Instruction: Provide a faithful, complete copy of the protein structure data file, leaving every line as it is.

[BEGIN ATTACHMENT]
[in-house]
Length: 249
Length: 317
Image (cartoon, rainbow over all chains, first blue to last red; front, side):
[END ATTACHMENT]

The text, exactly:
[in-house]
Length: 249
Length: 317
Image (cartoon, rainbow over all chains, first blue to last red; front, side):